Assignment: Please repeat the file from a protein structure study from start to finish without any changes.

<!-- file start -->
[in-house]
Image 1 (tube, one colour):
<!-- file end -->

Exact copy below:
[in-house]
Image 1 (tube, one colour):